The tempestuous life of a versatile singer gets a detail-heavy if unenlightening full-length treatment.
Dinah Washington has long been a suitable and unjustly neglected subject for a biography: The singer distinguished herself in the R&B, blues, jazz, and pop fields before her death at 39 in 1963. Cohodas (Spinning Blues Into Gold, 2000, etc.) has taken on the task, but she manages to bury her subject under an avalanche of unsifted research. Cohodas has unearthed a prodigious mountain of facts about Washington's life: Few press clippings about the vocalist's 20-year career appear to have gone unperused. The Queen of the Jukeboxes' ascent—from her bow with Lionel Hampton's band in 1943 through her long run as a solo star on Mercury Records, culminating in her major 1959 pop hit “What a Diff'rence a Day Makes”—gets session-by-session, gig-by-gig treatment. However, over the course of more than 450 pages of narrative, the pileup of data, drawn from trade publications, jazz journals, and daily papers, adds up to little more than an unnecessarily minutiae-laden itinerary. If the writer's primary interview sources supplied any illuminating reflections, they prove elusive here. Frustratingly, Cohodas never manages to figure out what made her subject tick. How did teenage gospel-music luminary Ruth Jones become Dinah Washington, a profane, promiscuous, pistol-packing, pill-popping doyenne of all things hip? Why did she marry seven times, often to shiftless and violent men? What abiding unhappiness led to her growing dependence on drugs, which climaxed with her death from an apparently accidental overdose of barbiturates? The reader never finds out. Cohodas is a graceless writer with no feel for the nuances of vocal or instrumental performance. Worse, in her needlessly fussy day-to-day approach, she supplies hardly an iota of intelligent analysis about the singer's creative impulses or internal life.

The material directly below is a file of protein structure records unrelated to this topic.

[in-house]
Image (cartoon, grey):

This weighty but incomplete work is a blown opportunity that never succeeds in getting inside a gifted and tragic performer's head, heart, or soul.